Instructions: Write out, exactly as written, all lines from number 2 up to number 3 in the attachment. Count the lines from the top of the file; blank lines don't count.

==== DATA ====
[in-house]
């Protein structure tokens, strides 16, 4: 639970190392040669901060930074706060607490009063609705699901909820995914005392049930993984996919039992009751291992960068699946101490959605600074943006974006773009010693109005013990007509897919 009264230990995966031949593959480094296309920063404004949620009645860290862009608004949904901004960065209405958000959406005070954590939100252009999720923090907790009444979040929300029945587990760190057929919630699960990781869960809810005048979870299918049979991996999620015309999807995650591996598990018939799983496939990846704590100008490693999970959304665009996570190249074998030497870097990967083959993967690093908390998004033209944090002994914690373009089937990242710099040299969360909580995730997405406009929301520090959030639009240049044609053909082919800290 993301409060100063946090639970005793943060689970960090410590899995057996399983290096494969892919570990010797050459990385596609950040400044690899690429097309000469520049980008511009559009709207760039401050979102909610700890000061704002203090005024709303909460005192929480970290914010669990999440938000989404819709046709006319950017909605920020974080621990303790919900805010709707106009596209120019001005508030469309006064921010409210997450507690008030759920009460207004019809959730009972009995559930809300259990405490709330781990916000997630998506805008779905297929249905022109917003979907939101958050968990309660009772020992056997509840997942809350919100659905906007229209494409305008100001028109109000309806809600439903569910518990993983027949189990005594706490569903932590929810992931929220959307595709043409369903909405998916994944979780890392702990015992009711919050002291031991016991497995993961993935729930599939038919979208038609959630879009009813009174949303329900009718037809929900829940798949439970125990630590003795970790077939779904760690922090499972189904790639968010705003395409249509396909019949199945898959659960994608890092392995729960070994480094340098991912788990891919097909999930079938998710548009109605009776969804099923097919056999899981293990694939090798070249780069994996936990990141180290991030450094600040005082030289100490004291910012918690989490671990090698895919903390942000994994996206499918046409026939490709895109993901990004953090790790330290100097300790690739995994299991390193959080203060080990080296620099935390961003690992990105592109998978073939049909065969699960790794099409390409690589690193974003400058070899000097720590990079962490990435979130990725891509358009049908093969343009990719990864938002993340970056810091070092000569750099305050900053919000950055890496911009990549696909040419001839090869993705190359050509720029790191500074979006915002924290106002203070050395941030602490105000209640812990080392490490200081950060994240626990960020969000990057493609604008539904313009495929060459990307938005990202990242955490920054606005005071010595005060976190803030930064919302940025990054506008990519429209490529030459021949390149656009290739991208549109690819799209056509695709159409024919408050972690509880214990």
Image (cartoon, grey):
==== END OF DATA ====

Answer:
């Protein structure tokens, strides 16, 4: 639970190392040669901060930074706060607490009063609705699901909820995914005392049930993984996919039992009751291992960068699946101490959605600074943006974006773009010693109005013990007509897919 009264230990995966031949593959480094296309920063404004949620009645860290862009608004949904901004960065209405958000959406005070954590939100252009999720923090907790009444979040929300029945587990760190057929919630699960990781869960809810005048979870299918049979991996999620015309999807995650591996598990018939799983496939990846704590100008490693999970959304665009996570190249074998030497870097990967083959993967690093908390998004033209944090002994914690373009089937990242710099040299969360909580995730997405406009929301520090959030639009240049044609053909082919800290 993301409060100063946090639970005793943060689970960090410590899995057996399983290096494969892919570990010797050459990385596609950040400044690899690429097309000469520049980008511009559009709207760039401050979102909610700890000061704002203090005024709303909460005192929480970290914010669990999440938000989404819709046709006319950017909605920020974080621990303790919900805010709707106009596209120019001005508030469309006064921010409210997450507690008030759920009460207004019809959730009972009995559930809300259990405490709330781990916000997630998506805008779905297929249905022109917003979907939101958050968990309660009772020992056997509840997942809350919100659905906007229209494409305008100001028109109000309806809600439903569910518990993983027949189990005594706490569903932590929810992931929220959307595709043409369903909405998916994944979780890392702990015992009711919050002291031991016991497995993961993935729930599939038919979208038609959630879009009813009174949303329900009718037809929900829940798949439970125990630590003795970790077939779904760690922090499972189904790639968010705003395409249509396909019949199945898959659960994608890092392995729960070994480094340098991912788990891919097909999930079938998710548009109605009776969804099923097919056999899981293990694939090798070249780069994996936990990141180290991030450094600040005082030289100490004291910012918690989490671990090698895919903390942000994994996206499918046409026939490709895109993901990004953090790790330290100097300790690739995994299991390193959080203060080990080296620099935390961003690992990105592109998978073939049909065969699960790794099409390409690589690193974003400058070899000097720590990079962490990435979130990725891509358009049908093969343009990719990864938002993340970056810091070092000569750099305050900053919000950055890496911009990549696909040419001839090869993705190359050509720029790191500074979006915002924290106002203070050395941030602490105000209640812990080392490490200081950060994240626990960020969000990057493609604008539904313009495929060459990307938005990202990242955490920054606005005071010595005060976190803030930064919302940025990054506008990519429209490529030459021949390149656009290739991208549109690819799209056509695709159409024919408050972690509880214990």
Image (cartoon, grey):